Why There's Absolutely Nothing Wrong With Not Wanting To Have Sex

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woman sitting on bed with man behind her

When sex stresses someone out or overwhelms them with negative emotions, it’s easy to jump to the conclusion that something is wrong with having no sex drive.

After all, their partner still wants sex, so they should too, right? But, the thing is, if they don't want to have sex and prefer to be celibate, there isn’t necessarily anything wrong with them.

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There's nothing wrong with having no sex drive.

A sex drive isn’t this isolated biological mechanism in your body that works one day and doesn’t the next.

This is why jumping straight to biological causes, such as wondering whether hormones are out of whack, isn’t always helpful.

While biological factors do impact desire, causes of low libido in women and causes of low libido in men far exceed just biological and medical factors. The same goes for those of other gender identities, too.

Desire is both affected by and made up of psychological factors, relationship factors, and cultural factors.

Factors that influence sex drive include:

How they feel about their body.

How happy their relationship is.

How stressed out they are, generally, in life.

If they feel like they're living up to society’s standards when it comes to sex and relationships. 

If sex no longer feels like a fun, pleasure-filled activity, it's time to go back to basics to understand the answer to the question: "Why do I not want to have sex?"

People aren't usually just horny out of the blue.

One needs to be motivated to have sex, whether that motivation is about getting closer to their partner, playing with power dynamics, or releasing stress. 

If the thought of sex with their partner makes them feel worried or anxious, it's important to take a step back and ask why that is. Do this from a stance of nothing being wrong because there likely isn’t.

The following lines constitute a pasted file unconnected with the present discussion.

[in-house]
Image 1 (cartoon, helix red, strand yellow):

Someone may just realize that they have no sex drive because sex has become equated with stress, pressure, and performance.

It’s no longer just about "feeling in the mood" or not, it’s about everything — beliefs about themselves, their partner, and their sex life and relationship. 

It’s about the stressors of everyday life. 

It’s about the level of overwhelm at their job.

It’s about not liking their body anymore.

It’s about not knowing what turns them on.

It’s about not being able to talk about sex with their partner.

In order to desire sex again, to want that intimate connection with a partner, to want to get turned on and raring to go, sex needs to turn from stressful to fun.

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Not wanting sex isn’t always about sex.

As a sex therapist and coach specializing in low libido, I’ve spoken to countless people from all walks of life who experience little or no desire. Sometimes, people have tried a whole host of strategies to get their desire back.

Other times, they’ve done nothing and have tried their best to avoid sex or physical closeness with their partner. Avoidance means not having to say "no," yet again. 

But the thing is, no matter the strategy for getting desire back, it’s not just about what they do. 

Articles often reduce having low desire or no sex drive to a list of symptoms and things to "fix." 

And while there are many ways to do so, if someone doesn't want to have sex, they need to work on more than just a few "fixes."

Low sexual desire is also about:

Whether or not they believe in themselves and their ability to feel desire again. 

It’s about whether or not they truly want help to shift it. 

It’s about whether they believe they deserve great sex.

And it’s about believing there’s nothing wrong with them and coming at desire and sex from a place of compassion and understanding.

If it makes sense why they don’t want sex, then there truly is nothing wrong with them.

If someone doesn't want to have sex or have no sex drive, they're not weird or broken.

When you begin to understand how complex desire is and dig a little deeper, you’ll understand that if someone doesn't want to have sex, it usually makes complete sense why that is. 

Why would anyone want something that stresses them out? Or something that feels boring?

With all my years of experience providing sex therapy and online sex coaching, I feel pretty confident in saying: only the person going through it gets to decide if they want their desire back.

If this is you and you don’t have faith in your ability to do that right now, borrow some of mine. Yours will come along soon.

And If you don’t want your desire back, that’s OK, too.

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Leigh Norén is a sex therapist and writer with a Master of Science in Sexology and author of The Desire Test. She’s been featured in Women's Health, Thrive Global, The Good Men Project, Elephant Journal, Glamour, and more. 

This article was originally published at Reprinted with permission from the author.